| Last week our kitchen ceiling fan and light combo decided to stop working. We don’t like eating in the dark, so I was compelled to do some immediate troubleshooting. As an engineer with training in the workings of electricity I have a great respect for it. I’m well aware of potential hazards, and I took a necessary precaution before taking things apart and disconnecting wires. I made the long haul down the stairs to the basement, opened the circuit breaker in the electrical panel, and disabled the flow of electricity to the kitchen. My fears of potential electrocution having been eliminated, my only remaining fear was of tumbling off the ladder while servicing the fan.
Just as I took the precaution to disconnect the power supply before performing electrical maintenance in my home, workers in industrial settings must do the same, and a chief player in those scenarios is the motor overload relay discussed last week. It automatically shuts down electric motors when they become overheated. Let’s revisit that example now.
Our diagram in Figure 1 shows electric current flowing through the circuit by way of the red path. Even if this line were shut down, current would continue to flow along the path, because there is no means to disconnect the entire control system from the hot and neutral lines supplying power to it, that is, it is missing disconnect switches. Electric current will continue to pose a threat to workers were they to attempt a repair to the system. Now let’s see how we can eliminate potential hazards on the line.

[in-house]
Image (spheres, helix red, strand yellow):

In Figure 2 there is an obvious absence of the color red, indicating the lack of current within the system. We accomplished this with the addition of disconnect switches capable of isolating the motor control circuitry, thereby cutting off the hot and neutral lines of the electrical power supply and along with it the unencumbered flow of electricity.
These switches are basically the same as those seen in earlier diagrams in our series on industrial controls, the difference here is that the two switches are tied together by an insulated mechanical link. This link causes them to open and close at the same time. The switches are opened and closed manually via a handle. When the disconnect switches are both open electricity can’t flow and nothing can operate. Under these conditions there is no risk of a worker coming along and accidentally starting the conveyor motor.
To add yet another level of safety, disconnect switches are often tagged and locked once de-energized. This prevents workers from mistakenly closing them and starting the conveyor while maintenance is being performed. Brightly colored tags alert everyone that maintenance is taking place and the switches must not be closed. The lock that performs this safety function is actually a padlock. It’s inserted through a hole in the switch handle, making it impossible for anyone to flip the switch. Tags and locks are usually placed on switches by maintenance personnel before repairs begin and are removed when work is completed.
Now let’s see how our example control system looks in ladder diagram format.
Figure 3 shows a ladder diagram that includes disconnect switches, an emergency stop button, and the motor overload relay contacts. The insulated mechanical link between the two switches is represented by a dashed line. Oddly enough, engineering convention has it that the motor overload relay heater is typically not shown in a ladder diagram, therefore it is not represented here.
This wraps up our series on industrial control. Next time we’ll begin a discussion on mechanical clutches and how they’re used to transmit power from gasoline engines to tools like chainsaws and grass trimmers.